This is part of the series on book reviews.
"High Score! the illustrated history of electronic games (2nd Edition)" (Rusel Demaria & Johnny Wilson)
I've used this book in my Game Industry Survey class, but it's not a textbook. It even says on the cover that it's a coffee table book for game geeks, and that's exactly what it is: a trip down the memory lane of the game industry, in full color, featuring much box art, screenshots and developer photos. The authors give a very candid look at the industry, talking not just about the games but also the developers: what it was like to work at Atari in the early days, for example. The writing style is conversational, not academic, making it an easy read (not to mention that the subject material will be interesting to most student game developers).
This book has two glaring weaknesses, and neither is the fault of the authors. The first is that it was published in 2004; the current generation of consoles did not exist yet, nor did World of Warcraft, so there is a period where the information just stops. Second, the book is unfortunately out of print, which makes it impossible to use as a required text. (Luckily, it can still be found used on Amazon and the like, as of the time of this posting.)
Students: If you're a game geek, you'll probably enjoy reading this book anyway. The fact that you'll actually get a great sense of the history of the industry (which will help you appear serious when you start applying for jobs) is purely accidental.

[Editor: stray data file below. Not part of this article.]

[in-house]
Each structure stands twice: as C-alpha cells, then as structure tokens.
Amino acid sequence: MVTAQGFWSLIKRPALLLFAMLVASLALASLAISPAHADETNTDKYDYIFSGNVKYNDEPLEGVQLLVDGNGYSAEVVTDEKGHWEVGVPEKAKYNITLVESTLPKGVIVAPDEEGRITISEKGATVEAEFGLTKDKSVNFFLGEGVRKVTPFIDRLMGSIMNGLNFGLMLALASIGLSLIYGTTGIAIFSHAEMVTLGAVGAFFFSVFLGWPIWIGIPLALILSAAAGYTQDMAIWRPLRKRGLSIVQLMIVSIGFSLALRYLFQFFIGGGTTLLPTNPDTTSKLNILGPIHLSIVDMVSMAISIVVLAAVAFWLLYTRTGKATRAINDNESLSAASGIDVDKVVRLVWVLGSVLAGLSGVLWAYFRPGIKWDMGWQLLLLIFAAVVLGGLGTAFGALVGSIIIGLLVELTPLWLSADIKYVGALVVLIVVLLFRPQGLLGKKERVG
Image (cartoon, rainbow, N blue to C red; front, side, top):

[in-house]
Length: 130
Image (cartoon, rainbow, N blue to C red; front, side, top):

Instructors: If you teach a course about the history of the game industry, this is a great supplement. Being out of print means it's not required, but you might at least pick up a copy for yourself to supplement your lecture material, and suggest that interested students find their own copy for out-of-class pleasure reading.
Professionals: This is more of a game geek book, so it won't exactly help you make better games. You might like to pick it up for fun, or not, depending on your personal taste in books.
Thursday, October 04, 2007
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I talked with one of the authors of this book at the recent SiegeCon in Atlanta. They're currently looking for a new publisher, so I have my fingers crossed this book will be updated and re-released. There's a sincere need for something like this.
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